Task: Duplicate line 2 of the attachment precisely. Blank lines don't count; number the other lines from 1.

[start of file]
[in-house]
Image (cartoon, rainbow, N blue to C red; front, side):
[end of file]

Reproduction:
Image (cartoon, rainbow, N blue to C red; front, side):